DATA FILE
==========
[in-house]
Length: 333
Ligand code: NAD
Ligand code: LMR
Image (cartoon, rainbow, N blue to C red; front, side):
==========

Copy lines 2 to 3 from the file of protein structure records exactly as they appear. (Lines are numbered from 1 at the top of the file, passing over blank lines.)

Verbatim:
Length: 333
Ligand code: NAD